Asian woman applying aloe vera on her skin

People have been using aloe vera in skin care for centuries. The Egyptians called it “the plant of immortality” because of its medicinal properties. Cleopatra also allegedly used it regularly to keep her skin smooth and soft. If you’re wondering how to use aloe vera on your face, here are seven ways to do it.

Acne Treatment

Did you know that — AVG to the cool kids — contains salicylic acid, a BHA known for reducing acne? controls sebum production in the pores and gently exfoliates the skin. This process prevents acne from forming by keeping the pores unobstructed by debris.

Using aloe vera for acne can be effective, according to the National Center for Complementary and Integrative Health. Some people use aloe vera gel as an overnight spot treatment to minimize bigger pimples. Make sure to wash it off in the morning. Consult your dermatologist before applying any treatment on your face to avoid allergic reactions and irritation.


In the old days, moms and lolas extracted aloe vera gel straight from the plant. After disinfecting a knife, they would slice off a leaf, cut it open, and scrape the gel out. While this is still a more interesting way to get aloe vera, you could also just buy the gel, which is now sold in tubs, at most beauty stores.

You can use this gel as a lightweight, soothing moisturizer. Research published in the National Library of Medicine found that AVG is effective at promoting skin integrity and retaining moisture. Again, perform a patch test before applying the gel to your face to make sure you’re not allergic. Before using it on areas with dermatitis or eczema, ask your doctor first.

Hydrating Mask

Because aloe vera has soothing, anti-inflammatory, and hydrating properties, it’s an excellent ingredient for face masks. You can use the gel itself or try products with aloe vera as the main ingredient. These include gel moisturizers and sheet masks.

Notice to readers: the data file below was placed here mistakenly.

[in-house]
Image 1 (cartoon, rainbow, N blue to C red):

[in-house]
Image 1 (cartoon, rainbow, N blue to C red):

POND'S Aloe Vera Jelly Moisturizer addresses dry, dull, and dehydrated skin with 100% natural origin aloe vera extract and . You can use it as a moisturizer or apply a thicker layer as a night mask for smooth, supple skin.


If you like , you can use aloe vera gel as your first step. Because of its texture and consistency, AVG can work as a hydrating for light foundations and powders. Use it to loosen any product from your skin without stripping away moisture. Fair warning: it won’t take mascara and other long-wearing products off, so always finish with a proper cleansing routine.

Complete your AVG cleansing journey with POND'S Aloe Vera Jelly Cleanser, which gently cleanses the skin of impurities while minimizing pores. It’s 100% alcohol- and paraben-free and is suitable for all skin types.

Face Depuffer

Instead of sliced cucumbers, try depuffing your undereye area with aloe vera gel. Store a tub of clean, uncontaminated AVG in the refrigerator to keep it cool. When you want some R&R, scoop out a generous amount and slather it around your eyes and on your cheeks. You can even cover your eyes with a damp cotton pad to prevent the gel from sliding into them. Leave the gel on for 10 minutes and rinse off.

Face Massage Prep

Slimy aloe vera gel is also an excellent alternative to face oils. You can use AVG to prep your skin for a . Cover your face with a thin layer of gel to help your hands or massage tools glide better and prevent too much friction. You can use a gua sha, face roller, or your fingers to release tense muscles.

Scar Lightener

A 2016 study published in the Annals of Plastic Surgery notes that topical use of aloe vera gel can accelerate wound healing and help lighten scars. It found that applying AVG on the surface wound for 10 days straight decreased the size of scar tissue and helped increase the level of collagen in the area. Manage your expectations, though. It won’t fix deep or pitted acne scars. At best, AVG can encourage wound healing and fade . Do not apply the gel to deep wounds and burns.

Learn how to use aloe vera gel on your face and discover the wonders of this OG skincare ingredient. As always, when in doubt, ask your dermatologist first.